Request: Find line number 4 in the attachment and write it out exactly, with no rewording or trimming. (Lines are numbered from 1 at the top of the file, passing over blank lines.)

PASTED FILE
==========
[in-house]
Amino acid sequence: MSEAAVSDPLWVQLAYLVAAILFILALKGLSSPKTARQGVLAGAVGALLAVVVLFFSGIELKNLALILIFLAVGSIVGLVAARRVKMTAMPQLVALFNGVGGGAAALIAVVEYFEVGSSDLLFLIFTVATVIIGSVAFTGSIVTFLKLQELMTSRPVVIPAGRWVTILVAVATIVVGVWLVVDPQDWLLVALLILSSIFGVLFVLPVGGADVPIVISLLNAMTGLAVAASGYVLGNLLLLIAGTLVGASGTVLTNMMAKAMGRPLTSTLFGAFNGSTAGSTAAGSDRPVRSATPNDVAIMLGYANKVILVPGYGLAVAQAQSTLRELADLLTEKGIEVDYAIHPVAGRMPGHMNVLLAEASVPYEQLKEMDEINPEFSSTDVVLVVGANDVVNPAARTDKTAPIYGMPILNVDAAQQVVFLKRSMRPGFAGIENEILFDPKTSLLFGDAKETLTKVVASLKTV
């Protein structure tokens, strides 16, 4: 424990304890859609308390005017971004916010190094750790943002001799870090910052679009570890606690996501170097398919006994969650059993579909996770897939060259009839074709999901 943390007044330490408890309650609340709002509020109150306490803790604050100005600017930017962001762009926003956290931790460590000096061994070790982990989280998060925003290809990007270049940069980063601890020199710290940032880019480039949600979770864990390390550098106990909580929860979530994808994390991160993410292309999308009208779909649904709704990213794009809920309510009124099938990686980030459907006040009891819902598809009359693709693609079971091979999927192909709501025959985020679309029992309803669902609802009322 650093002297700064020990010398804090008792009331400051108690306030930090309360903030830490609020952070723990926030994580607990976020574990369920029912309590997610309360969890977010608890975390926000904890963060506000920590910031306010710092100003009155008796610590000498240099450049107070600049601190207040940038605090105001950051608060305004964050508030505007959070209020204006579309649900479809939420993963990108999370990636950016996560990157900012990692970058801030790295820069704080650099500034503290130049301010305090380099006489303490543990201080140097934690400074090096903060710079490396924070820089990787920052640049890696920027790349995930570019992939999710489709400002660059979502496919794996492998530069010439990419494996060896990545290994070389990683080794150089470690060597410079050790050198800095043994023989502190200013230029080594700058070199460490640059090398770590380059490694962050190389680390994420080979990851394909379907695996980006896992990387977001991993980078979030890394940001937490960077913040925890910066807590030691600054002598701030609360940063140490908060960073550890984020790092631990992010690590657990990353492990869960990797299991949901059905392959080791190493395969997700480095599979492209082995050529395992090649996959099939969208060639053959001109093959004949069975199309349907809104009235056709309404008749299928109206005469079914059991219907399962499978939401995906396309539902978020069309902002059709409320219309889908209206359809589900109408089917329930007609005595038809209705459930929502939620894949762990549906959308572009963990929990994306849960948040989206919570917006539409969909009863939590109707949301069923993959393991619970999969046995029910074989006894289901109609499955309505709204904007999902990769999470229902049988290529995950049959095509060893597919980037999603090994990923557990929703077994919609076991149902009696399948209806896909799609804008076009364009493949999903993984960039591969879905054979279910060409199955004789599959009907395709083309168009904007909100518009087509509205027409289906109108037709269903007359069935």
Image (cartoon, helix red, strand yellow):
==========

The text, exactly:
Image (cartoon, helix red, strand yellow):